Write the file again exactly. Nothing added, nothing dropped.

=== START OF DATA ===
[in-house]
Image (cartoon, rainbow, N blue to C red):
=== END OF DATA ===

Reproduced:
[in-house]
Image (cartoon, rainbow, N blue to C red):